Category Archives: Other

The Problem of Libraries

We didn’t get to talk much about Ramsay last night, but this review of John Palfrey’s BiblioTech covers some of the same intellectual ground

So is the library, storehouse and lender of books, as anachronistic as the record store, the telephone booth, and the Playboy centerfold? Perversely, the most popular service at some libraries has become free Internet access. People wait in line for terminals that will let them play solitaire and Minecraft, and librarians provide coffee. Other patrons stay in their cars outside just to use the Wi-Fi. No one can be happy with a situation that reduces the library to a Starbucks wannabe.

Perhaps worst of all: the “bookless library” is now a thing. You can look it up in Wikipedia.

Impediments to Digital History

Dr. Stephen Robertson’s essay, “The Differences between Digital History and Digital Humanities” engages many thought-provoking points, foremost in my mind, the challenges surrounding access to information. For all of the debates concerning what it is exactly that DH is doing, what unique qualities it brings to the table, if the table is locked away, we’re left standing. That intellectual property, digital or otherwise, is often protected as a commodity is an intuitive reality. Access to both print and digital subscriptions to academic journals, by and large, entails substantial fees. Some of the fully digital tools have locked-down APIs. That being said, the academy has a unique responsibility, even an existential one, to facility open access to ideas and information. Instead of going into the reasons why, I wanted to write a quick conversation starter that might point at one of many potential solutions.

Piggy-backing off of a recent development in New Media reporting, I can envision a mainline channel into the second largest repository of intellectual property in the world (although at this point, not the most technically agile – a separate problem) the Library of Congress. The Story Corps audio archive has been preserved at the Library of Congress for years. However, the Story Corps mobile application is new, and potentially trans-formative. Although in the past, reporters from Story Corp would sit down with interviewers and interviewees to help them record their stories, this was time-consuming, costly, and largely inefficient. The SC application allows users with smartphones to record and upload interviews that will be digitally preserved at the LoC, instantly, at the push of a button.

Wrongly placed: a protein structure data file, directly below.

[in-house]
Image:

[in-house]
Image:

My question: How can the Library of Congress, a tax payer-funded institution be used from the outset to facilitate open access to new, digitally-born intellectual property? Can we look toward partnerships with a current, or yet-to-be-created government entity, and privately-funded organizations like Story Corp as a model for guardianship of ideas? What would such a partnership look like? What would we call it?

Code in the News

Volkswagen’s Diesel Fraud Makes Critic of Secret Code a Prophet

The code in automobiles is tightly protected under the Digital Millennium Copyright Act. Last year, several groups sought to have the code made available for “good-faith testing, identifying, disclosing and fixing of malfunctions, security flaws or vulnerabilities,” as Alex Davies reported last week in Wired.
A group of automobile manufacturers said that opening the code to scrutiny could create “serious threats to safety and security.” And two months ago, the E.P.A. said it, too, opposed such a move because people might try to reprogram their cars to beat emission rules.

Karen Barad on Apparatuses

[Niels] Bohr argues that classical physics seriously underestimates and undercounts the contribution that apparatuses make. Apparatuses are not mere instruments serving as a system of lenses that magnify and focus our attention on the object world, rather they are laborers that help constitute and are an integral part of the phenomena being investigated. Furthermore, apparatuses do not simply detect differences that are already in place; rather they contribute to the production and reconfiguring of difference. The failure to take proper account of the role of apparatuses in the production of phenomena seriously compromises the objectivity of the investigation. Accounting for apparatuses means attending to specific practices of differentiating and the marks on bodies they produce. Karen Barad, Meeting the Universe Halfway, 2007, 232.
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